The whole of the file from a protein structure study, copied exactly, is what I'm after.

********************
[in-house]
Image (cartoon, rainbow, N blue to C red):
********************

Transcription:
[in-house]
Image (cartoon, rainbow, N blue to C red):